In Neighborhood Opportunity and Location Affordability for Low-Income Renter Families, recently published in Housing Policy Debate, researchers from and the Kirwan Institute reveal the difficult trade-offs that low-income renter families face in obtaining affordable housing in higher-opportunity neighborhoods and the particular disadvantages encountered by black and Hispanic families with children. By combining two unique databases, HUD’s Location Affordability Index and our own Child Opportunity Index we take an unprecedented look at the relationships between affordability, (both in terms of housing and transportation costs) and opportunity at the neighborhood level, across the 100 largest U.S. metro areas.

We find:

  • Low-income renter families face high housing and transportation cost burdens at all levels of neighborhood opportunity.
  • Correlations between opportunity and housing-cost burden vary substantially in strength across metro areas but are always positive.  Correlations between opportunity and transportation-cost burden are considerably lower.
  • Between metros, there is vastly higher variation in transportation affordability than in housing affordability. More sprawling metros have higher transportation cost burdens.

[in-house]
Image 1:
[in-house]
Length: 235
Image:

• Poor black and Hispanic children are most likely to live in neighborhoods where cost burdens exceed relative neighborhood opportunity levels. Story maps showing these relationships for several large metros are available here.

The report concludes with policy prescriptions, including the need to:

  • Expand the notion of affordability by incorporating child neighborhood opportunity into the objectives of rental housing assistance.  Such a redefinition could enhance fair housing efforts, as black and Hispanic children more commonly face detrimental neighborhood cost-opportunity imbalance.
  • Increase rental subsidies to allow families to afford neighborhoods of opportunity.
  • Adopt policies that address structural metropolitan factors such as sprawl, which contribute to lack of affordability.